Diamondbacks Report Card: Chris Young

Reportcard_medium
Name:
Chris Young
Nicknames
: "CY" or "Good Chris Young"
Age on Opening Day: 28
Salary: $7,000,000
2011 Stats: 156 games, .236/.331/.420, 20 HR, 4.6 fWAR
2010 Stats: 156 games, .257/.341./452, 27 HR, 4.6 fWAR

Picking up on where we left off a long time ago (cough) is the timeless tale of Chris Young. It's almost hard to believe that Young has played nearly 800 games as a D-back, not to mention he's the third longest-running member of the franchise behind only Steve Finley and Luis Gonzalez.

Thinking back on it, I have to squeeze my brain and remember the repressed memories I had of CY in 2009. He was hitting just above the Mendoza line, his IFFB% was, like, 8000% and he was even demoted to Reno for a week.

Fortunately for us a lot of things changed in 2010 and much of that was reproduced in 2011. Hit that jump to learn about it...

First and foremost, let's get all that nitty-gritty stat stuff out of the way. Apparently Chris Young decided it'd be best if he simply mirrored his production from 2010 to make statisticians jobs easier in 2011. That being said almost every stat from last season was on par with his production from the season before. Check it out:

Games PA BA OBP SLG HR OPS+ K% BB% SB CS fWAR rWAR
2011 156 659 .236 .331 .420 20 103 21.1% 12.1% 22 9 4.6 4.8
2010 156 664 .257 .341 .452 27 108 21.8% 11.1% 28 7 4.6 4.1

Some minor differences, no doubt, but a lot of the same. It's interesting to note that his rWAR was higher in 2011 despite posting slightly less impressive numbers both offensively and defensively. I'm thinking rWAR is putting a little too much stock in fielding percentage as that seems to be where he gets the extra push from.

The small dip in power can be an oversight if you simply look at extra-base hits. Despite having fewer home runs (though, honestly we should be happy with a guy who can put up 20-20 numbers) Young recorded more doubles and triples last season than the year before. Those numbers seem more natural as to to what we can expect from Young in the future compared to his 32 and 27 home run campaigns in seasons past. There's always room for the occasional game-winning home run though...

Young is one of the more streakier hitters that the D-backs have and it clearly showed throughout the season. After posting an impressive .795 OPS along with 7 home runs in the opening months of April/March, Young cooled down in May with only 2 home runs and a .688 OPS. He then homered 6 times in June while posting a hot and sassy .926 OPS before once again cooling down in the following months of July and August. We've come to expect that with CY though and we're okay with it... at least you should be.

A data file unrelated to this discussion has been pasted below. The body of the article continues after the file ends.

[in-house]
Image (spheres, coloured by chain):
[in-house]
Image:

In six seasons, however, it hasn't really been about the offense with Young. He's taken ownership as one of the best center fielders in the game and last season only helped showcase that claim...

Yes, Chris Young and I have teamed together to try and destroy your browser and eat bandwidth.

To top it all off CY was a lock to win his first Gold Glove, posting a career high 14.1 UZR. As Mark Grace so accurately predicted in that last clip the voters went ahead and picked... Matt Kemp and his -4.6 UZR. Pardon me for a second...

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So CY enjoyed another solid campaign both at the plate and out in the field. Although he is 28-years-old and he's in his prime, Young has recently made some adjustments at the plate entering this season. So far it's working as he's posted a 1.196 OPS in Spring Training this year. Even more attractive is his 9:8 BB:K rate, but we'll see how that plays out. Here's to hoping he hits 80 home runs and steals 95 bases in 2012 as that'll be the only way he'll ever win a Gold Glove.

Final Grade: B

What the others think:

Jim: [EDIT: No grade given because Jim is a silly goose] It’s going to be interesting to see how much Young ends up getting platooned, in the wake of the Jason Kubel signing, which looks like to net Gerardo Parra some starts in center field. Over his career, Young’ s OPS is almost 150 points lower against left-handed pitching, with a paltry .229 average. However, the changes Young has made to his approach seem to have paid off this spring in some great numbers. Will that carry forward? Either way, with Young becoming increasingly-expensive, it’s not impossible a trade is in his future.

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